during the Halloween season, and then was able to film at the haunted
house during the off season. It was a situation of making lemonade out
of lemonsÖ but it was also perhaps fate/destiny that when one door
closes, another opens. I still feel thatís too coincidental to just
happen by circumstance.
In regards to filming at the locations, letís just say there was lots
of black window spiders and you never wanted to brush up against the
wall. Thereís extras on the Blu-ray release that chronicle the
What can you tell
us about your overall directorial approach to your story at hand?
One aspect of my approach to this film (and my approach to filmmaking in
general) is to take a very artistic approach. I believe in experimenting
and exploring ideas. If a actor has a idea, we explore it. I see no harm
in trying one approach, failing at it, learning and trying something
talk about your cast, and why exactly these people?
the film with all African American leads. Partly to subvert the audience
expectations of what a Bunnyman
3 should be like. I also cast these actors
because it gets boring making movies with ďrandom group of attractive
teensĒ in peril. Itís been done a thousand times before, so why bother
copying that formula.
few words about the shoot as such, and the on-set atmosphere?
shot for 18 days. 6 days on, 1 day off. To keep costs low we shot
everything within a 30 miles radius, and I housed the cast and crew in my
house. Everyone was professional on set, and worked very hard. We had one
actor quit and try to blackmail the production. However he was immediately
replaced and we didnít loose a day of shooting. However part of my job
as the producer is to run a calm set, so most of the cast and crew donít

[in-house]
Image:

even know this happened. Itís very challenging to be a producer and
director on a film. I find when Iím in this situation, I donít have a
support system that would help immeasurably.
$64-question of course, where can your movie be seen?
Vengeance will be released on digital 10/20 and DVD/BD on 11/21 from
you can tell us about audience and critical reception of Bunnyman
I donít follow the audience or
critical reception of my films, so I have no idea what the response is. I
do have fans reach out to me in emails, and I do hear things through them.
However I donít seek out peopleís opinions of my work. Making a film
is a personal creative process I go through. Once I finish the film, Iím
at peace with it and I move on. Itís sort of like a break up, in that
when the film is done I have closure and I just donít want to re-open
that experience that I lived through.
I've read it more than once that
Vengeance is supposed to be the last Bunnyman-film
- is this true and set in stone, or do you think you could be persuaded to
do another Bunnyman-movie
I have no plans to do anymore Bunnyman films. I am completely redoing
Bunnyman 1 with a new edit, new VFX, new score, and a few additional
scenes. That film is known as Bunnyman: Grindhouse Edition. I revisited
the film since I got the filmís rights back, and I had a opportunity
to fix the problems with the film. As an artist I often wonder at what
point do you realize your creative endeavor is complete? When does a
painter realize his painting is done? When does a musician realize his
song is complete? Perhaps I thought about this too much, and decided to
endlessly tinker with the original Bunnyman
film? However the film is
immeasurable better for having been remade. I can actually finally
tolerate watching it on screen now.
Making Bunnyman: Grindhouse Edition was also partly a way for me to
close the Bunnyman chapter of films in my career.
Of course my mind wonders if there was another Bunnyman
film, what would it be like? I
only see two options, 1) a higher budget production to reboot the
franchise and 2) a entire Bunnyman film set in the ďdream sequenceĒ
Vengeance which I think would be challenging and
Bunnyman: Grindhouse Edition-trailer: https://youtu.be/xT_m3Ezqmkk
(Other) future projects you'd like to share?
Iím working on a sci fi film called Nowhere Girl right now. You
can follow the progress of the film on my Instagram page and on
movie's website, Facebook, whatever else?
You can also find me, Carl Lindbergh on Instagram and Facebook.
you're dying to mention and I have merely forgotten to ask?
just wanted to thank the fans for the support. It means the world to me,
and something I truly cherish. I also wanted to thank my awesome actors
for going above and beyond what was asked for them. The film could not
have been made without them.
for the interview!